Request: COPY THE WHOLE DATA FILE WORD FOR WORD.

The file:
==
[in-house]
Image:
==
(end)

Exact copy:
[in-house]
Image: